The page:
Crypto Market Commentary 

23 January 2020

Doc's Daily Commentary


The 22 January ReadySetLive session with Doc and Mav is listed below.

Mind Of Mav

Blockchain And Empowering The Second Wave API Economy

You are hyperconnected — a concept that describes how technology enables everyone and everything to be interlinked.

At an individual level, we stay connected because we want to have information just as much as we want to share it. The recent focus on diplomacy in the Korean peninsula has put a heartwarming story in the spotlight. One where people from the South put rice and USB sticks with music and movies in plastic bottles, which they then throw in the river for their brothers in the north to pick them up farther upstream. They are anticipating a near future where they can welcome one another with open arms and are “streaming” media in the meantime.

At a group level, we stay connected because transforming data into actionable information is crucial for progress. Humans have evolved to their modern form about 200.000 years ago, but real progress began with the invention of writing, circa 3.000 BC, and the wheel 1.000 years later. Radio communication was invented ~130 years ago, but it took the internet to open up our world to endless communication. Our parents lived in a world where information technology did not exist, we live in a world where “data is the new oil” and our children will hopefully grow up in a world that will be wondering what oil was.

At a technology level, we stay connected via different Information Technology systems exchanging data with one another. There’s no official estimation about how many actual pieces of software are out there, but a rough guesstimate would put it at around 1 billion and growing each day.

Take Uber, it runs on your mobile operating system — which, by itself, is a collection of pieces of software, it has login, search, map, payment, rating, feedback, notifications, and support systems. Those are pieces of software working together in the backend, for which the Uber app itself is just a frontend. Now think about the number of different mobile apps, desktop applications and websites, which are the front-ends, and the complex mesh of servers running applications for transferring, processing, analyzing and securing information, which are the back-ends. The resulting complex ecosystem engulfing our entire planet, and its orbit, looks like a mesh of billions of computers running 1 billion of pieces of software, the majority of which talk to others.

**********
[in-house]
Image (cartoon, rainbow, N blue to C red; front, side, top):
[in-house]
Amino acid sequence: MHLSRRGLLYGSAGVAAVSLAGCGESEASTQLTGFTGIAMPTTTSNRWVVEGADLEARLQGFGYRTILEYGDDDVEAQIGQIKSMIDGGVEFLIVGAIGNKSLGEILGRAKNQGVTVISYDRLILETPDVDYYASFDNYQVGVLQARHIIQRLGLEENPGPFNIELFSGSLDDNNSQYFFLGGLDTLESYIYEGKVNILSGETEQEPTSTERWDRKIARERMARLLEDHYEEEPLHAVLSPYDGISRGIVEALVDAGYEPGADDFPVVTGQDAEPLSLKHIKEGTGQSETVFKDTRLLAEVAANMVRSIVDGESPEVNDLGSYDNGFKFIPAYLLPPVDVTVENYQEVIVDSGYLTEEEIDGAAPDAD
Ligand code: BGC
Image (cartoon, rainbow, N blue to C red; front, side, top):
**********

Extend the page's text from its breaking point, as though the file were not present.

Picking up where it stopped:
All these pieces of software were built by different people for different purposes. A bank’s financial system is radically different from a factory’s operations management system, which is radically different from a vendor’s inventory management system, which again is very different from a retailer’s sales system. But for end-to-end supply chain automation to happen, these systems need to be integrated and talk to one another. They do so via APIs.

API is short for Application Programming Interface. Wikipedia defines it as a set of subroutine definitions, protocols, and tools for building application software. APIs allow developers to simply integrate their existing application with various other software backends, by exchanging the exact data that is needed.

That’s not interesting to understand if your mind closes to boring tech details. But if you have ever used a power socket you will quickly grasp the basic idea of an API. Instead of needing to understand the whole electrical grid, you only need to understand that a plug goes into a socket and your devices work. An API can do something very similar, where a complex system can be made easily accessible through a commonly understood point of entry. The API transforms a complex ‘electrical grid’ into a simple power socket.